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Ron Sider
Peter Tobia/Genesis
Ron Sider

Active but limited government

Q&A | Liberal Christian activist and author Ron Sider is an ally of conservatives on some issues

Issue: "Blurred Vision," April 5, 2014

Ron Sider, founder of Evangelicals for Social Action four decades ago, is the author of many books: The most famous is Rich Christians in an Age of Hunger. Here are excerpts from an interview in front of students at Patrick Henry College.

Born in 1939. Growing up in rural Ontario: Were farming and hockey big in your life? I loved the farm and every Canadian boy plays hockey—even though I had to wear glasses and we didn’t have helmets. They flew off but I never got my eyes poked out. 

You got A’s at Waterloo Lutheran College and went on to graduate school at Yale: What was your developing view of government’s trustworthiness in carrying out certain public purposes? I did have a developing sense of call in the latter part of my six years at Yale to encourage the evangelical world to be engaged in issues of social justice. White evangelicals were at best silent and often on the wrong side during Dr. King’s great crusade. We had a black landlord the last two years in New Haven: We sat with him the night Dr. King was killed and were developing a sense of the tragedy of racism in American culture. 

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So at that point, the federal government, in terms of the civil rights movement, is the good guy in promoting certain virtuous objectives? I want to start with a biblically informed framework and say two things. One: Government should be limited, for two reasons. God created every person in the image of God. We’re all called to be stewards and to shape the created order. If all the decisions are made by a few powerful people, most of us cannot fulfill our creation mandate and can’t shape history the way God intends us to. Also, in a fallen world concentrated, unchecked power will always be used for the selfish advantage of the powerful. So, government must be limited. 

Welcome to the conservative movement. But the other side: Government has a positive role in empowering poor people. My basic definition of economic justice comes from going back to the Old Testament, to an agricultural society: When the children of Israel move into the land, a few wealthy people don’t own all of it. The government doesn’t own all of it, or much of it. Every family gets its own land—a fundamentally decentralized economic system. The prophets shout and scream when a few powerful people, sometimes by legal trickery, sometimes by other ways, get the land.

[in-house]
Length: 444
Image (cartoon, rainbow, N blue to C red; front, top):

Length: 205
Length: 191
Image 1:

So government’s positive role is ... Government should set up frameworks that enable people to have genuine access. I don’t believe in welfare programs that increase dependency, although if people are hungry, we ought to feed them. The essential role of government is to do the things that government alone can do to empower poor people.

What alone can government do? Can’t those who are affluent empower poor people by creating opportunities to work and glean?  It’s better for private programs that help poor people to require work: better for their dignity, better for their own sense of not falling into dependency. But there are structural causes of poverty. The Old Testament says God doesn’t like poverty; some people are poor because they are lazy and should work hard; you should let the edges of your fields be gleaned by people who are poor. It also says that every 50 years the land goes back to the original owners, and every seven years, if you’ve fallen into slavery because of poverty, you’re freed with the resources you need to earn your own way.

Isn’t the greatest structural problem in American society right now the public school system: It traps some students in schools where they don’t get what they need to advance economically? One of the huge injustices is precisely the dreadful schools that large numbers of African-Americans, Latinos, and poor whites have to go to in our great cities. If you compare the kind of quality education that white suburbanites get to what large numbers of inner city African-Americans and Latinos get, it’s simply outrageous and immoral.

What if you compare the education that some inner city students get in good Christian schools, compared to what they get in their local public schools?  We have two proposals for overcoming the awful education system today: One is to reform the education system, and the other is vouchers. I say, I don’t know which is finally better, so let’s take the very best reform proposals to reform the public schools and let’s test those in a dozen kinds of school districts—big cities, and smaller. Let’s take the best educational voucher approach and let’s test that. Whatever works better for minorities and poor folk, let’s do that. I do have a hunch that vouchers would work better, but I don’t know enough to say we should go that way. 


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